How to start a business in the Philippines?

 

Choosing the form of business depends on different factors–the number of parties, extent of liabilities and responsibilities.

 

What are the different business models?

Single/Sole Proprietorship, Partnership, and Corporation.

 

DIFFERENCE BETWEEN SINGLE PROPRIETORSHIP,

PARTNERSHIP AND CORPORATION 

 

What is a Single Proprietorship?

Sole Proprietorship is the most basic form of business. It is owned by an individual who has full control of its own and owns all assets. The owner is also personally answers to all liabilities or losses. Meaning, creditors may proceed not only against the assets and property of the business but also after the personal properties of the owner. A sole proprietorship does not possess a juridical personality, the law treats the owner and the business as one and the same.

 

What is a Partnership?

By the contract of Partnership two or more persons bind themselves to contribute money, property or industry to a common fund, with the intention of dividing the profits among themselves. The Partnership has a juridical personality separate and distinct from that each of the partners. There two kinds of Partnerships, general and limited. The liabilities of partners in a partnership would depend whether the partnership is general or limited. In general partnerships, the extent of liabilities of the partners shall extend to their personal properties, much like in sole proprietorship. While in a limited partnership, the extent of the liabilities shall only extend only up to the amount of their share in the contribution in the partnership.

 

What is a Corporation?

A corporation is a separate juridical entity established under the Corporation Code that is distinct from its owners or incorporators. Being a separate juridical entity, it has rights and obligations like that of an individual. A corporation is formed by a number of natural persons not less than five (5) but not more than fifteen (15), all of legal age. The extent of liability is limited only to the corporation; Owners are not personally liable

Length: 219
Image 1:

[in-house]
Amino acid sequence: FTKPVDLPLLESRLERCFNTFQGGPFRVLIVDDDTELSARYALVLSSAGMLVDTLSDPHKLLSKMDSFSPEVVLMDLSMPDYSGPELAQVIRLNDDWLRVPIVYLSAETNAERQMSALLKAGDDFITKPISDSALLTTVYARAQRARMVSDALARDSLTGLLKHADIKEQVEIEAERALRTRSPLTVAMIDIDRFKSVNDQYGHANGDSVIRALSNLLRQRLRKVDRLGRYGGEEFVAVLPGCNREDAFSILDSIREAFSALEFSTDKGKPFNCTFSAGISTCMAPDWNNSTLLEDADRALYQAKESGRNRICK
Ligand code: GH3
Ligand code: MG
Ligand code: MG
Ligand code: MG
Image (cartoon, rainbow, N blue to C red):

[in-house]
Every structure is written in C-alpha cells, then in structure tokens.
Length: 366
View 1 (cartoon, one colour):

The ownership of a corporation is divided into shares of stock. A corporation issues the stock to individuals or other business, who then become owners or stockholders, of the corporation.

 

SETTING UP THE BUSINESS - REGISTRATION

In setting up a business, there are several government agencies one has to register depending on the type of business or legal form one is engaging. It is necessary for one to register one’s business to enjoy exclusive rights over the name of the business. For Single Proprietorship, businesses can be registered at any DTI Regional or Provincial office. For Partnership or Corporations, it is essential to register with the Securities and Exchange Commission.

 

REQUIREMENTS

LOCAL GOVERNMENT

All businesses, whatever legal form, are required to secure a mayor’s permit or municipal license from the city or municipality where they are located. Permits or licenses are required to ensure that the standards are met and that business complies with the specific requirements of the business locale. Registration requirements and procedure varies across cities and municipalities.